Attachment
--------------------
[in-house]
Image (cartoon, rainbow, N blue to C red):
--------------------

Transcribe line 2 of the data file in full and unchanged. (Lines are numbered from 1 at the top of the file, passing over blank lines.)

Image (cartoon, rainbow, N blue to C red):